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If you're in the process of buying a new property or looking to complete a property development project, you may have come across the term "bridging finance" or "bridging loan".
This form of finance has become increasingly popular in recent years, as more and more property investors and developers seek short-term funding solutions. In this blog post, we'll take a closer look at what bridge loans are, how they work, and the pros and cons of using them.
What is a bridging loan?
A bridging loan, also known as bridge finance, is a short-term finance solution that's used to bridge a gap between two larger financial transactions. In the context of property investment and development, bridge loans are often used to cover the gap between the purchase of a new property and the sale of an existing property, or to fund property development projects until longer-term finance can be secured.
Bridging works best if you are “flipping” a property or need to “break the chain”. For example, you are a property investor who wants to purchase a property quickly, typically at auction and do it up for a quick sale, bridging is perfect!
However, if you are a first time buyer looking to purchase your residential home a bridge isn’t for you.
How do bridging loans work?
Bridging loans are typically secured against property, either residential or commercial. Lenders will consider the value of the property being used as collateral, rather than the borrower's credit score or financial history, when deciding whether or not to lend. The amount that can be borrowed through a bridge loan will depend on the value of the property being used as collateral and the borrower's ability to repay the loan.
Bridge loans are typically short-term, with terms ranging from a few weeks to a few months. It is possible to get an opened bridge, see our guide for more information. Interest rates on bridge loans are typically higher than those on traditional mortgages or other forms of finance, reflecting the higher risk involved in lending for short periods of time.
WARNING: If you are in a fixed term bridge and are unable to exit the bridge by the expiry date you could face significant fines from the lender and in the worst case your property and any other property used as security could be repossessed.
When the loan term ends, the borrower will need to either repay the loan in full, or refinance the loan with longer-term finance such as a traditional mortgage. If the borrower is unable to repay the loan or refinance, the lender may take possession of the property used as collateral.
Pros and cons of bridging loans
Like any form of finance, bridging loans have their pros and cons. Here are some of the key advantages and disadvantages to consider:
- Quick access to finance: Bridge loans can be arranged quickly, often within a matter of days, making them ideal for property investors and developers who need to move quickly to secure a deal.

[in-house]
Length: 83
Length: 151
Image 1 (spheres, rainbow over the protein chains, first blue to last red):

- Flexible terms: Bridge loans are often more flexible than other forms of finance, with lenders able to offer bespoke terms to suit the borrower's needs.
- Not always a credit check: As bridge loans are secured against property, lenders may be more willing to lend to borrowers with a poor credit history.
- No early repayment penalties: Unlike some longer-term loans, bridge loans do not typically come with early repayment penalties, allowing borrowers to repay the loan early if they are able to.
- Open-ended options: There is no set expiry date
- Rolled up or serviced interest: You can have the interested deducted from the net amount, added to the final balance to repay at the end of the bridge or service the interest month
- High interest rates: Interest rates on bridge loans are typically higher than those on traditional mortgages or other forms of finance, reflecting the higher risk involved in lending for short periods of time.
- Short repayment terms: Bridge loans are typically short-term, which can put pressure on borrowers to repay the loan quickly or refinance with longer-term finance.
- Risk of repossession: If the borrower is unable to repay the loan or refinance, the lender may take possession of the property used as collateral.
- Complex terms and fees: Bridge loans can come with complex terms and fees, which can make them difficult to understand and compare.
- Unregulated: Bridging loans are not regulated mortgages.
What can I use a bridge loan for?
Bridge loans can be used for a variety of purposes, including:
- Property purchases
Bridge loans can be used to finance the purchase of a new property before the sale of an existing property has been completed.
- Property development
Bridge loans can be used to fund property development projects, such as renovations or conversions, until longer-term finance can be secured.
- Auction purchases
Due to the quick nature of a bridge they are ideal for investors purchasing property at auctions.